Speaks on Digital's Disruption of Media
this interview with the International Journalists' Network,
Auletta weighs in on the digital revolution, The Huffington
Post and why he doesn’t spend as much time as he would like
on social media. (December 14, 2011)
Talks about the Future of Content
Shivani's email conversation with Ken, on Huffingtonpost.com.
(December 10, 2011)
November 1st, 2011, Ken gave the keynote speech at the annual
International Center for Journalists dinner in Washington,
D.C. Read the address here.
Chat: On Jill Abramson
Answered readers' questions in a live chat on Newyorker.com.
(October 17, 2011)
Post: Steve Jobs 1955-2011
Jobs was not a great human being, but he was a great,
transformative, and historical figure.
big question, Auletta writes, is whether the unbelievably
innovative culture he forged will live. Also: Ken answered
about Jobs on Newyorker.com. (October 6, 2011)
John Cassidy and
Lauren Collins to discuss the News Corp phone-hacking scandal.
Post: The Brooks Resignation
only surprise in the resignation of Rebekah Brooks is that it
took so long, Ken writes on Newyorker.com. (July 15, 2011)
Post: What Murdoch Made
Rupert Murdoch responsible? Of course he is. (Newyorker.com,
July 7, 2011).
Post: Tim Armstrong's Hail Mary Pass
writes about AOL’s purchase of the Huffington Post, on
Newyorker.com. (February 7, 2011)
Post: Why Is Eric Schmidt Stepping Down at Google?
the Google CEO pushed or did he jump?
(Newyorker.com, January 21, 2011)
at The New Yorker Festival
The New Yorker Festival, Ken gave a talk about how the
Internet is affecting media and culture. A preview is below.
To watch his full remarks, visit Fora.tv.
Advice to the Class of '10
June 10, 2010, Ken gave the Commencement Address at the
Nightingale-Bamford School in Manhattan. Here are his remarks
to the new High School graduates.
talks to Wall Street Journal MarketWatch
Jon Friedman sat down with Ken to discuss the changing media
landscape and Google's influence over the old media
and watch Part II
Interviews Lorne Michaels, Seth Meyers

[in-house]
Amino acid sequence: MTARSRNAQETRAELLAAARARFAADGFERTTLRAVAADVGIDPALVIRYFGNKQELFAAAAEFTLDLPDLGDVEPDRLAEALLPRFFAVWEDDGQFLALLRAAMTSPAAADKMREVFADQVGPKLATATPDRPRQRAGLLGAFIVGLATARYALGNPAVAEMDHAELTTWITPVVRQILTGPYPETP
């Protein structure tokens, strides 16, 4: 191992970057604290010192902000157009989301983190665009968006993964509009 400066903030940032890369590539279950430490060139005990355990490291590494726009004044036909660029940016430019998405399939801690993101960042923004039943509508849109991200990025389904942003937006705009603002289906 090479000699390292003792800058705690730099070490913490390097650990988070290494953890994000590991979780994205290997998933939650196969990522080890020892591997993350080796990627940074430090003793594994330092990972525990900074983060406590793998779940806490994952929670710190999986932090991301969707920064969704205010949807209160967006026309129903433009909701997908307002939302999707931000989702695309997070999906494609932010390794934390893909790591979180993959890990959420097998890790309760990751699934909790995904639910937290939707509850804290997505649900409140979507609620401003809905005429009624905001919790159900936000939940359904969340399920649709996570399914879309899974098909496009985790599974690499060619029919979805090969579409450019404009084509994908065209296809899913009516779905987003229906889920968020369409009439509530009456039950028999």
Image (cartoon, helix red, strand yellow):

March 2, 2010, at a breakfast sponsored by the Newhouse School
Ken interviewed Lorne Michaels, the creator and executive
producer of Saturday Night Live, and Seth Meyers, the show's
head writer and anchor for “Weekend Update.”
Talks about the Future on Charlie
December 23, 2009, Ken spoke with Charlie about Google,
Microsoft, Twitter, and the future of media.
Google Goes From Here
the New York Times'
"Room For Debate" blog, John Markoff asked Ken and
Twitter venture capitalist Fred Wilson to discuss Google's
effect on the Internet and new and old media.
Interviewed on Tech Nation
was the guest on Public Radio's Tech
He spoke to host Dr. Moira Gunn about Google and his views on
technology and pop culture.
Friedman celebrates Ken's new Google book and muses on what
subject the media writer should tackle next.
Talks Google on Charlie
talked to Rose about how Google has transformed the way we
work, live, communicate, and access
Talks Google on Fresh Air
tells Terry Gross that although the company trumpets free
access to information, it is notoriously tight-lipped when it
comes to its own formula for success.
Daily Beast writes: "In 1985, Ken Auletta wrote a
financial classic, Greed and Glory on Wall Street. Now,
William Cohan has written another, House of Cards..."
Interviews Google's Eric Schmidt
Auletta interviewed Eric Schmidt, the chairman and C.E.O. of
Google, in San Francisco on June 11, 2008, at a breakfast
sponsored by the Newhouse School and The
the conversation >>
to the conversation >>
to the Auletta podcast in iTunes
October 2, 2004, Ken Auletta moderated a panel discussion with
Tom Brokaw, Peter Jennings, and Dan Rather in the Celeste
Bartos Forum of The New York Public Library. The conversation
was part of the sixth annual New Yorker Festival. Here is a
recording of that moncler
conversation. (Requires Flash
to Part I >>
to Part II
to Part III
latest Ken Auletta news and reviews.